Blockchain is the buzzword of the day in every industry, and its no exception in the ag markets. How it may revolutionize the industry, as some predict, is now beginning to be realized.
The January deal by Louis Dreyfus to sell 60,000 tons of soybeans to China using the blockchain and another soybean trade between HSBC and Cargill in May, provided a glimpse into the possibilities for the ag sector. Simply put, these blockchain-based deals broke new ground in adding efficiency to physical trades by rolling the extensive paperwork into a single file on a blockchain. In the Louis Dreyfus deal, realtime elements were built into the transaction, such as temperature of the product during shipping.
This is the beauty and promise of blockchain technology. Virtually every element in a deal can be packaged together yet add innovative new elements. Terms and details can be altered transparently to both parties, which avoids extra paperwork and reviews that can slow a deal down. In the Louis Dreyfus transaction, the deal was completed in one-fifth of the time a normal deal would take. And they are not alone. Financial institutions, ag giants and shipping firms are all interested in adapting the best of blockchain to antiquated commodity trading methods.
The demand for such technology is staggering. One look at EOS, the blockchain firm that raised more than $4 billion in tokens in its initial coin offering, illustrates the point. The company is developing an open source platform for decentralized applications through its Block.one division and has invested heavily in its Dawn 3.0 smart contract platform. An Oppenheimer report in June called blockchain, “the fourth wave” of computing and noted smart contracts that can handle multiple tasks and create efficiencies may “forever change the tech landscape.” It is this kind of talk that gets industries like agriculture and others so excited.
At the moment, these initial transactions are proving the concept. But there is still much that needs to be done to integrate blockchain into the global ag markets, primarily adoption by major players. Blockchain technology can certainly work between a small group of willing parties but industry wide acceptance will require far more participants to adopt a standardized system. The Louis Dreyfus deal involved Shandong Bohi Industry Co, ING, Societe Generale and ABN Amro on the Easy Trading Connect (ETC) platform. Shippers Russell Marine Group and Blue Water Shipping also participated. The deal illustrates how many different entities and industries are included in just one deal. Getting the farmers, grain buyers like Louis Dreyfus, banks and trucking and shipping companies to agree on a blockchain system may be harder to build, especially if some participants benefit and others are disintermediated.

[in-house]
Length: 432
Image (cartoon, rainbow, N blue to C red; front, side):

Still, for many big players in the broader ag space, this is just the beginning. Other major companies in the food industry are also looking to blockchain to solve supply chain, quality and food safety issues. In Europe, supermarket giant Carrefour, announced a plan in April to implement a blockchain-based system to track a variety of foods such as chicken, ground beef, eggs, cheese, milk, fish, fruits and vegetables. The blockchain technology is designed to provide a transparent record for consumers on how the food was grown and transported. In doing so, retailers and consumers, will theoretically be assured that the food that is labeled, is actually the food they are buying. Meanwhile Walmart, Nestle, Dole Foods, Unilever and Tyson Foods are collaborating on a blockchain project. Walmart now says, with blockchain, it can trace the origin of items like mangos in just over 2 seconds. Prior to this, it would take the retailer more than six days to identify the original farm.
Ultimately, we are starting to see the transformation of the agriculture markets from farm to retail to consumer through blockchain. The question will be just how long adoption will take, and what will the benefits be?